ISSN: 2690-0815
International Journal of Sexual and Reproductive Health Care
Research Article       Open ijsrhccess      Peer-Reviewed

Young people’s experiences in accessing sexual and reproductive health services in sub-Saharan Africa from 1994 to 2019 - A content analysis

Abubakari Sulemana Watara1*, Abu Mumuni2, Yidana Zuwera1, Apraku Anane Edward1, Mutaru Goro Iddrisu3 and Badasu Delalali Margret2

1Kintampo Health Research Center, Ghana Health Service, Ministry of Health, Ghana
2Regional Institute for Population Studies, University of Ghana, Legon, Accra
3United Nations Population Fund, Ghana Office
*Corresponding author: Abubakari Sulemana Watara, Kintampo Health Research Center, Ghana Health Service, Ministry of Health, Ghana, E-mail:
Received: 16 March, 2020 | Accepted: 21 May, 2020 | Published: 22 May, 2020
Keywords: Young people; Sexual and reproductive health services; Barriers; Sub-Saharan africa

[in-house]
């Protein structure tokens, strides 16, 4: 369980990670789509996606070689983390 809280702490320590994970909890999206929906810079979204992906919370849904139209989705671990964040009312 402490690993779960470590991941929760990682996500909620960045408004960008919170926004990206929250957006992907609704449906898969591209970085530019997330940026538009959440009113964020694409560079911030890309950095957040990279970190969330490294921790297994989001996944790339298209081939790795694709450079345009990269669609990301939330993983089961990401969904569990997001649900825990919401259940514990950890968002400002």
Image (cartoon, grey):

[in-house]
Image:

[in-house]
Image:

Cite this as

Abubakari SW, Abu M, Yidana Z, Apraku EA, Mutaru IG, et al. (2020) Young people’s experiences in accessing sexual and reproductive health services in sub-Saharan Africa from 1994 to 2019 - A content analysis. Int J Sex Reprod Health Care 3(1): 017-026. DOI: 10.17352/ijsrhc.000011

Two and a half decades after the International Conference on Population and Development in 1994, access to Sexual and Reproductive Health (SRH) services by young people is very low, particularly in sub-Saharan Africa (SSA) despite the increasing resources being targeted at addressing the SRH needs of young people. This paper focuses on the needs and experiences of young people in accessing SRH services in SSA. Using a content analysis tool, this paper focused on review of published articles on barriers to SRH services, access and utilisation among young people in SSA from 1994 to 2019. Guided by the focus of the analysis, 21 studies out of 257 were finally selected, and findings presented from Burkina Faso, Ethiopia, Ghana, Kenya, Mali, Nigeria, South Africa, Tanzania, Uganda, Zambia, Democratic Republic of Congo and Zimbabwe. We found that unfriendly remarks by health providers; feeling embarrassed, shame and fear; limited information on SRH services; misconceptions about SRH services; lack of confidentiality and privacy are the major barriers to young people accessing SRH services. Addressing the negative attitude of health providers and the general misconceptions on SRH services are critical to improving SRH service utilisation among young people in SSA.